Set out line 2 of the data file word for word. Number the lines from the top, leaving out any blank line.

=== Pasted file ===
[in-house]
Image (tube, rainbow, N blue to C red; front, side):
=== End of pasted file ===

Image (tube, rainbow, N blue to C red; front, side):